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Dr Death challenges ‘quaint’ Kiwi coroner

Controversial euthanasia campaigner Philip Nitschke has hit out at a New Zealand coroner for his “quaint” and “nonsensical” comments on the joint suicide of a Kiwi couple.

 
 

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Controversial euthanasia campaigner Philip Nitschke has hit out at a New Zealand coroner for his “quaint” and “nonsensical” comments on the joint suicide of a Kiwi couple.

Adrian Webster, 71, and his wife Marei, 76, died in a suicide pact and were discovered lying dead on a bed at their Paekakariki home north of Wellington last year.

Local body politician Webster had been suffering from terminal stomach cancer, and his wife, who had lost two other partners to disease, did not want to live without him.

Wellington coroner Garry Evans this week opted to reveal some details of their deaths to quell “speculation, rumour and suspicion” around the case.

However, Nitschke, an Australian medical doctor and prominent right-to-life advocate, says the coroner’s comments were quaint, nonsensical and inconsistent, and would only fuel more speculation on exactly how the pair died.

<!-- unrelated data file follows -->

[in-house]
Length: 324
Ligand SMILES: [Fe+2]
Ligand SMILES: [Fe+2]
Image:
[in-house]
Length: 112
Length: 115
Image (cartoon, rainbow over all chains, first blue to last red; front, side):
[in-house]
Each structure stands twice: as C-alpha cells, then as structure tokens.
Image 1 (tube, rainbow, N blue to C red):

He says the Websters were members of his organisation Exit International, which helps people safely organise their own suicides.

“They were open about how they intended to end their lives when the effects of Adrian’s stomach cancer became intolerable,” said Nitschke from London.

He challenged the coroner to publish details of how the Websters achieved their “peaceful death” to inform New Zealanders of their options.

New Zealand coroners, as a rule, suppress the method of death in suicide cases.

He also criticised what he called the New Zealand government’s “continuous refusal… to address the issue of voluntary euthanasia and make legal options for a peaceful death available”.

Nitschke, often dubbed Dr Death, has advocated the use of gas-based products and pills so people may commit suicide unassisted, as well as travel to a Swiss clinic where assisted suicide can be carried out legally.

* Readers seeking support and information about suicide prevention can contact Lifeline on 13 11 14.

 
 

 
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